we have hives on peoples home sites right next to fences beside pathways etc never had a problem, noise not a problem, as some one said you do need to bear in mind where cloths lines are and the bees flight paths are not in direct line to where people are walking, 

    also bear in mind the person mowing the lawns, 


  9. On 11/10/2019 at 8:38 PM, Daley said:

    Your right, and obviously it’s less work, handling, and honey keeps better on the hive.

    However it’s easy enough to miscalculate how much you need to leave with each winter varying.

    And you can end up with a significant problem in spring if you leave too much honey on, it needs to come off and go somewhere, and it’s had varroa treatment.

    What do you do? I wouldn’t want it mixed in with my new season crop.

     

    This past season I paid to have all my honey extracted and thermalised so I have future proofed now.

     

    But I had some honey from the season before which I’d extracted myself and jarred that had fermented in the jars, faced with the task of having to scrape it all out to waste into a hole, I chucked it in the feeders of some hungry hives and man it took all the work out of it, jars came out beautifully clean and minimum effort.

    Would I do it again? No.

    Would I recommend anyone else do it? No.

    However I think the risk is fairly minimal knowing that none of the hives it came from have had AFB.

     

    Personally I think it’s a much bigger risk buying secondhand gear and there’s no shortage of people that do that without being chastised.

     

    Thermalised, now thats a new one i've not heard about, what is it and how is it done and what is the purpose of it pls


  10. 7 hours ago, Trevor Gillbanks said:

    Does it have a chiller (fridge) type system as well.  Creaming needs/should to be done at 8 Deg C.

    It has no chiller and we have never used one, the honey is once creamed and package is stored in a cool room, we have only ever had one batch of creamed get the frosted look and this was bush for some reason, we are making a batch now and hope to do another couple before summer, we dont creamed in summer,

    7 hours ago, Trevor Gillbanks said:

    Yep.  I certainly understand that.

    We are talking about the Lyson Creaming Unit.

    This unit is designed to be used all year round and supposedly makes a very nice creamed honey.  That is why I asked @kevin moore if it has a fridge/cooler unit.

     

    it would be easy enough to add a few rounds of cooling tube around it if you had too

    • Thanks 1
    • Good Info 1

  11. On 21/09/2019 at 8:23 PM, tristan said:

    whats actually in it?

    what i see in their manual is basically just a stirrer.

    yes pretty much  just a stirrer with four bits of flat steel attached these are set a different angles to push the honey up and down, seems to work very well


  12. 7 minutes ago, Philbee said:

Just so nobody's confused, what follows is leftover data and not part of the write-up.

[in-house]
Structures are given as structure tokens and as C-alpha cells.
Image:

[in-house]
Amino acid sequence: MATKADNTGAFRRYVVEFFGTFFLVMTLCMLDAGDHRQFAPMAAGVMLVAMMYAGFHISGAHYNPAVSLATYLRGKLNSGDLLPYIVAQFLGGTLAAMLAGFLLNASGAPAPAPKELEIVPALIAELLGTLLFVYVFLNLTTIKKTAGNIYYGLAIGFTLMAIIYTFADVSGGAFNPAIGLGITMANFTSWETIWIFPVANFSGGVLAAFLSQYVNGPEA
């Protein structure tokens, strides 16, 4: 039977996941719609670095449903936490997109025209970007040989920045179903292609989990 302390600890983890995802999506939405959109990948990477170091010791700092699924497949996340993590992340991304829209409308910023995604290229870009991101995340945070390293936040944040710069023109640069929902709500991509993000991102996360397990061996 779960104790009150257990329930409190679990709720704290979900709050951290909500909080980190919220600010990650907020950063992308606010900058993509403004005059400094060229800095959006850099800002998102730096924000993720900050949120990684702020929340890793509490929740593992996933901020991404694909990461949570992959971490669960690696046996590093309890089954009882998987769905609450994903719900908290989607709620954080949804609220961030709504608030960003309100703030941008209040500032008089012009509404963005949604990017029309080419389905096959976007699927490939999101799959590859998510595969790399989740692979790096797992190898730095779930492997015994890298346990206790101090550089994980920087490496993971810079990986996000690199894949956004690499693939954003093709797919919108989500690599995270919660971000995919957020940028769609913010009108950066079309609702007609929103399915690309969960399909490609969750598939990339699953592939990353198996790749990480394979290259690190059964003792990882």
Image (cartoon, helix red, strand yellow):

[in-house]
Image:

Last Autumn in a n organised trial one site was much closer to a certain large outfit than the rest.
    Its initial mite loads at day 1 were 6- 10  times  that of the Sites further away.

    Its got nothing to do with luck.

    These hives are in a 2.4m pa rainfall area and this season has been very wet
    Ive been at this a while now and have cracked it

    What you see is how I roll

    were those strips put in in early autumn or refreshed during the winter


  13. lots a good luck, not sure what your weather has been like over the winter, but we have had a lot of wet or cloudy days and found our strips got very damp and quite wet feeling, we had our strips in the corners by the brood, not cut across the middle like those in the pic, i have run out of ideas on these lose's it just seems so weird


  14. 1 hour ago, CraBee said:

    I know some people have had success with Oa/Gly over Winter, but I'm not so confident it is the best treatment for that time of year.  To me at least Ox/Gly seems to work best when bee numbers are strong, and when it is applied outside the wet/damp Winter period.  So anytime from Sept to April. 

     

    I think Apivar is quite a good option over Winter given it is slow acting and lasts the longest out of all the treatments....and the hives get a break from the acid and more acid building up in the wax.  

     

    Through this Spring I've been running OA/Gly staples and Bayverol (in separate hives not together) and both are doing a good job.  I like Bayverol it has a quick knock-down and has always worked really well for me, but for my next couple of treatments and through Autumn I'll use Ox/Gly staples almost exclusively.  It is hard to go past them for effectiveness and at about 1/3 of the cost of the other treatments...

    I think the oxy staples are ok for a spring/summer treatment and then go back to bayverol for autumn winter treatments, this is what we will be doing

    • Like 1
    • Agree 1
×
×
  • Create New...